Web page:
She put her small nose, pierced with a pearl,
To the open gramophone of the flowers,
One then the other, breathing both in,
Before getting up and walking casually
Around the room. She stopped suddenly,
Her heels raised off the floor,
Stretching an arch into her back, her taut arms
Rose straight up, wrists bent, fingers
Pulled into a tiger’s fist.
The tension shook out of her like heat.
She walked towards the light, picking up a book,
Flicked through it, then stood
By the side of the window, putting
The book down on the table, before putting
On any clothes. She had golden skin,
Golden hair, dark brown nipples, a short tuft
Of sandy pubis. She was unconcerned
About her own architectural beauty,
Unconcerned of my gaze, unconscious
Of my feeling of quiet wonder.
I pulled the curtain back.
Looked out the port-hole
And we sailed on.
Sailors on the banks of the Tiber
Eight A.M, early spring, Rome, 1996.
We huddled in the frozen dawn around the iron-cast
Of the missionary soup-kitchen door and cursed
The slow rise and false heat of the sun.
When the door creaked open we shuffled in.
Some entered as they do everywhere,
Crouched over like walking question marks,
Or thief-quick, but everyone was smiling.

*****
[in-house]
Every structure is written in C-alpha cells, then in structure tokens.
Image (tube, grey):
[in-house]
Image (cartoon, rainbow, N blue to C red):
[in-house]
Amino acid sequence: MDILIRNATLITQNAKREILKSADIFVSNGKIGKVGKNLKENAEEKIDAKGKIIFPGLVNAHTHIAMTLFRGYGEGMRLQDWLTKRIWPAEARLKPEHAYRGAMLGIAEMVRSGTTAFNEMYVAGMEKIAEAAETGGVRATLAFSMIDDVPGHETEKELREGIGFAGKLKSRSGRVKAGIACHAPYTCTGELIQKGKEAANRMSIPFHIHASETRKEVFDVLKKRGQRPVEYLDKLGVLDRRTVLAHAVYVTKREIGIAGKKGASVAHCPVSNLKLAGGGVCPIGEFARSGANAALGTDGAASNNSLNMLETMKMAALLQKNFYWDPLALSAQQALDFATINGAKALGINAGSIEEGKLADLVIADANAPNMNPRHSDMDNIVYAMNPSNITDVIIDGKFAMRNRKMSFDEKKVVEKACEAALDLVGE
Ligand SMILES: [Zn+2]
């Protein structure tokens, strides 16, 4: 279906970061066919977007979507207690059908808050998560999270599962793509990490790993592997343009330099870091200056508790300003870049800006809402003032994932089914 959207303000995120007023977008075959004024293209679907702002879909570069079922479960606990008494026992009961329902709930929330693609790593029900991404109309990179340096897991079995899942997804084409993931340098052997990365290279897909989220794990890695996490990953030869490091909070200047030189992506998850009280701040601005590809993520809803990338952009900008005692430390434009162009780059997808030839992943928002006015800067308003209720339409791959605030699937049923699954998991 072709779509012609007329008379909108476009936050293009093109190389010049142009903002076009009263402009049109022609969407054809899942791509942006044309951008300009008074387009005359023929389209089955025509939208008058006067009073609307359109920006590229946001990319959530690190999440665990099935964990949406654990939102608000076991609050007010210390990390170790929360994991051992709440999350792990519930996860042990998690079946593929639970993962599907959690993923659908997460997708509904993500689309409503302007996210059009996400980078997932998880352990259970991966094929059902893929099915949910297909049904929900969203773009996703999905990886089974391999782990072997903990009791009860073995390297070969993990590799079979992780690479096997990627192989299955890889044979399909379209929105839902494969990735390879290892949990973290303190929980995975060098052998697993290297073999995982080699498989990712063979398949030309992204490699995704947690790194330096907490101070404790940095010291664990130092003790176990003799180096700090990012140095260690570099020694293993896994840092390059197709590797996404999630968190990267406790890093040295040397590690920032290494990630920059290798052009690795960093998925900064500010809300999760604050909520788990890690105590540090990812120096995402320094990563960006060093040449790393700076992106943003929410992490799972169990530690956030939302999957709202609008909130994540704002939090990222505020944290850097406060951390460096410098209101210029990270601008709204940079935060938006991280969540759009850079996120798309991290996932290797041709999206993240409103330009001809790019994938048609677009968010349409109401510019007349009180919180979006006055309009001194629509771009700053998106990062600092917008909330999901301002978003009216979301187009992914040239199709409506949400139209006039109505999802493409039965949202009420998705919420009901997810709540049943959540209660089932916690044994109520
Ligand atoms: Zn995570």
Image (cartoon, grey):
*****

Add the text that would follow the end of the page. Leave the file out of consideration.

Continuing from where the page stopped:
In the food-line, a middle-aged prostitute winked unconfident
Blue and red eyelids at me, then turned to the hatch
Slamming the counter before two arms and the reluctant tray
Finally slipped through the faceless frame.
She turned away shrugging her spoon through the soup,
Working through the noodles and softening bread.
The queue thins, as does everything. Even here
Some are listened to by an audience of eye-corners.
Outside, the cobble is thawing,
Deflowered and canine. In here, arthritis
And broken bones act as weather stations,
Twitching in changing humidity. Mail arrives,
Shouted over tables, through the din, washed down
With wood-wine. When the soup is gone, philosophers appear,
Hemming and hawing through puffed clouds of tobacco smoke.
One old man is silently shaking, his fingers grip
The edge of his seat in a doomed dovetail, his crow’s eyes
Are shot. He couldn’t take a joke: his table
Was violently slammed during a moment
Of pin-drop silence. The soup kitchen echoes
With the booms of homeless laughter.
The shaking old man is not alone at sea.
All of us in this room are sailors, washed up
On the banks of the Tiber.
Paul McMahon holds an MA in Writing from NUI, Galway. His writing is published in Southword, Crannog, Ropes, Alor et toi, The 2nd Hand, The Sligo Weekender, and in two short story anthologies with the writing group, The Atlantis Collective. He was a finalist in the Listowel Writers Week, Slam fiction, 2010. His plays have been performed at The Dublin Fringe Theatre Festival, The Muscailt Theatre festival, Galway, and at The Hothouse New Writing. He is also a professional musician.
Fionán O’Connell. Born 1961. Trained as a Primary School teacher. Self-taught in photography. Married to Paula with two children Oisín & Laoise and living in Dublin, Fionán has been making a living from his work for twelve years. He has directed several television documentaries: Silverfish Productions’The Goat in The Temple, MOS Productions’ Good Man Mary, Windmill Lane Pictures’ A Quiet Revolution and In Search of Europe.